Upholding the rights of women and girls during COVID-19
Graphic: A woman wearing a mask, Thailand
A new APF publication provides a snapshot of the issues facing women and girls during the pandemic and how NHRIs have used their mandate in response.
As countries across the globe continue to grapple with the COVID-19 pandemic, national human rights institutions (NHRIs) in the Asia Pacific have reported growing inequalities and increasing discrimination against women and girls.
"We know that a pandemic of this scale affects women and men differently," said Fasoha Aishath, APF Gender Focal Point.
"This includes increased levels of violence against women and girls, discrimination when accessing health and other services, being more vulnerable to unemployment and concerns around food and water security."
These challenges have been outlined in a new APF publication – The Impact of COVID-19 on Women and Girls – which draws on the experiences of nine NHRIs in the region.
This crisis is not just a health issue; it impacts all aspects of economic, social, cultural, civil and political life and rights.
The publication provides a snapshot of the issues facing women and girls in different countries during the pandemic and how NHRIs have used their mandate to respond to these issues.
The case studies – provided by the NHRIs of Afghanistan, Kazakhstan, Malaysia, Mongolia, Nepal, Palestine, Philippines, Samoa and Timor Leste – cover the period from April-June 2020, a time when most countries were implementing their initial responses to COVID-19, including lockdowns and restrictions on freedom of movement.
They highlight the efforts of NHRIs to:
- Monitor states of emergency and other government actions
- Gather data when and if it was available
- Apply a gender lens to their analysis and responses
- Disseminate public submissions and press releases
- Publish targeted papers, reports, letters and guidance notes
- Share good practice, raise awareness and facilitate community engagement
- Collaborate with women's groups from civil society, government and international sectors and taking part in joint projects
- Examine internal policies and operations to understand and address issues faced by female and male staff.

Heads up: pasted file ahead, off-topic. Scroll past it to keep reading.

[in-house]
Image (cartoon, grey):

Graphic: NHRI staff distribute food aid to families in Baghdad
"Once the pandemic itself is contained, the recovery process will be enormous," Ms Aishath said. "Women will be both in front and centre in the recovery effort but, at the same time, impacted by the inequitable situations they find themselves in."
"NHRIs play a pivotal role in continuing to highlight the disproportionate impact of COVID-19 on women and girls and using their mandate to address this impact," she said.
The Impact of COVID-19 on Women and Girls was coordinated by gender expert Dr Jillian Chrisp, with case studies provided by NHRI representatives taking part in the APF blended learning course on Mainstreaming the Human Rights of Women and Girls.
Date: 20 July 2020
Ms Fatima Khalil, a donor liaison officer with the Afghanistan Independent Human Rights Commission, was killed with her colleague Ahmed Jawid Folad in a targeted attack in Kabul on 27 June 2020.
At the time, Ms Khalil was participating in the APF Blended Learning Course on Mainstreaming the Human Rights of Women and Girls. She was actively collaborating on the development of this resource.
The APF remembers her as a dedicated and passionate advocate for human rights, especially the rights of women and girls.
- A woman wearing a mask, Thailand - UN Women/Ploy Phutpheng, Flickr CC
- NHRI staff distribute food aid to families in Baghdad - Iraqi High Commission for Human Rights
- Memorial service for Fatima Khalil and Ahmed Jawid Folad - Afghanistan Independent Human Rights Commission